Laws of Chemical Combination: Overview & Explanation

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  • 0:04 Laws of Chemistry
  • 0:35 Law of Conservation of Mass
  • 3:04 Law of Constant Proportions
  • 3:36 Law of Multiple Proportions
  • 4:39 Law of Reciprocal Proportions
  • 6:17 Lesson Summary
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Lesson Transcript
Instructor: Matthew Bergstresser
There are four major laws in the study of chemistry. In this lesson, we'll define and see examples of each of the four chemical combination laws that govern chemical reactions.

Laws of Chemistry

When people are learning to drive, they have to learn the rules of the road such who goes first at a four way stop intersection and how to change lanes properly. When learning chemistry, you have to understand four overarching laws that govern how atoms combine:

  1. The law of the conservation of mass
  2. The law of constant proportions
  3. The law of multiple proportions
  4. The law of reciprocal proportions

Let's go through each of these laws one by one.

Law of the Conservation of Mass

In chemical reactions, pure elements or combinations of elements called compounds get rearranged. In nuclear reactions, the nucleus of atoms change. In both cases, mass is conserved even though new substances are created. Imagine an empty room with one door and five people walk into the room. Eventually five people have to leave the room. What goes in has to come out. The law of the conservation of mass states that mass before reaction has to equal mass after reaction. So, let's go through a chemical and nuclear reaction to show how mass before a reaction equals mass after a reaction.

Chemical Reaction

Let's take a quick look at how solid calcium reacts with hydrobromic acid:

Ca + HBr → CaBr2 + H2

Notice there is only one bromine and hydrogen on the left side of the reaction while there are two atoms of each on the products side of the reaction. This is an impossibility because one atom of hydrogen and bromine can't be generated out of nowhere. To show what really happens we have to balance the equation with coefficients, which are numbers in front of the compounds or elements in the reaction. Let's balance this equation:

Ca + 2HBr → CaBr2 + H2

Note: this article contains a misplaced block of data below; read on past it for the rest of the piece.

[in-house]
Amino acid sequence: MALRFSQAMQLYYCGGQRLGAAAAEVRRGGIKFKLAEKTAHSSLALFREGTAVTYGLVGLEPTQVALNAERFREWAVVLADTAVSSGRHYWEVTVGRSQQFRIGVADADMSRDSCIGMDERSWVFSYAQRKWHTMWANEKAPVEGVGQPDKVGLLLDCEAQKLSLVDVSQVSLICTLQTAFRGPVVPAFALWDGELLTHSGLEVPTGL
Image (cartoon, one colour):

The coefficient in front of HBr makes the equation balanced for mass. Now let's look at a nuclear reaction.

Nuclear Reaction

In a nuclear reaction, the nucleus of the atom changes in some fashion. A proton can turn into a neutron or vice versa. The nucleus can also lose four units of mass and two units of charge through the expulsion of an alpha particle. Let's look at how polonium-214 turns into lead-210. This diagram shows this transmutation:


Po_to_Pb


The values on top are the mass values and the values on the bottom are is the electrical charge. Notice neither mass nor charge are conserved, which is another impossibility. To show what actually occurs, we have to add an alpha particle, which is a helium nucleus, to the products side. This next diagram shows the complete nuclear reaction:


alpha


By adding the masses on the products side of the equation, we get 214, which equals the mass on the reactants side of the equation. The charges on either side of the yields sign are equal. Now, we move on to the law of constant proportions.

Law of Constant Proportions

The law of constant proportions states that the ratio of mass for the same compound is constant. In other words, it tells us that compounds of the same type always have the same ratio of elements. For example, carbon dioxide always has the ratio of ONE Carbon atom to two oxygen atoms resulting in the formula CO2. The ratio of mass is also constant: 12 g of carbon to 32 g of oxygen, which are rounded numbers off the periodic table. The law of multiple proportions is next.

Law of Multiple Proportions

The law of multiple proportions explains how multiple elements can combine with each other in multiple ratios. Think of the ratio of males to females in your family. Some families have one mother, one father, and one daughter, giving the ratio of females to males as 2:1. The family next door might have one mother, one father, and two sons, giving the ratio of females to males as 1:3. The same idea applies with elements and compounds. For example, hydrogen and oxygen combine multiple ways to form multiple compounds.

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